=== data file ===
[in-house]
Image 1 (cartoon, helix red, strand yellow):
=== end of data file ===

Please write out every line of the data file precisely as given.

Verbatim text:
[in-house]
Image 1 (cartoon, helix red, strand yellow):